When ever I use a recipe of my grandmothers my kitchen smells like her kitchen and all the memories of that most love filled room.

No matter what the philistines and the minimalists say, I will protect them and hold them dear for as long as they are in my charge. Because when it comes to these cherished memory keeper’s “more is more”.

L’art pour l’art or for my soul

Pressed for time but determined, I made my way across to the North West section of the city using only the GPS to guide me, as I had no idea beyond time where the pabulum for my soul was located.

Winding up the road, I could see as I drove closer nature was one of the guardians to this extraordinary place.

After some anxious searching (time being finite) I found a space to park, scrambled out of the car and gazed over the water to see the first enchanting treat. A view of the Golden Gate Bridge framed perfectly by evergreen and azure.

Walking up the path I found the next two guardians. Noble and frozen as though in mid-thought, two stone lions weathered and beautiful.

Immediately adjacent and flanking either side of the path to the entrance are two magnificent bronze statues on horseback with the sun shining down, approvingly further anointing them in enduring glory. I could imagine them asking a riddle or perhaps simply keeping watch so no philistines could pass.

I walked respectfully through the gate as I entered this most sacred Palace. Soon my soul would feast on the treasure within.

Surely my body would understand that nourishment of the soul is just as important and vital to life. My body could wait for dinner, today lunch was a different type of aliment.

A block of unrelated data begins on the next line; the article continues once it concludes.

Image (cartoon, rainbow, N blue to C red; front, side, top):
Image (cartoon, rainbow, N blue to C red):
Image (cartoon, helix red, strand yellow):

The air was still and hot, there were far more bodies milling about than I would have expected. I had but an hour to get my fill and I intended on taking in every delight of this banquet.

My heals clipped against the stone steps as I made my way down to the first room. There I was greeted by the first of the paintings, vases, wallpapers and andirons. My eyes ate greedily as I moved hastily through the room.

My head began to swim with fervor. I had Chronos‘ warm humid breath on my neck. I fanned myself with the program, at first fast then more slowly. I would not be spurred on too quickly.

Into the next room I slowly made my way around to each delicious morsel, my soul listening, engrossed in each of their stories.

Nearly moved to tears with each brushstroke and saturation of colour, the light of a days long since past, captured by each master. The perfect balance of form and function in the furniture, tea sets and plates.

As I moved through the gallery my soul stirred. Cobwebs of emaciation were shook off and my soul swelled so strongly with nourishment that quiet tears could not be held back. Moved by the detailed feathers of the wings of Love, as real as one could ever believe, could I hear the breeze rustling through the wings as he looked upon the sweet maiden’s face. So delicate was each petal painted, that one could have picked the flowers and placed them in a vase. What magic did John Roddam Spencer Stanhope know?